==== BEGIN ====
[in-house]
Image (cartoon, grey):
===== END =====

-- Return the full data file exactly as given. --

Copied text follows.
[in-house]
Image (cartoon, grey):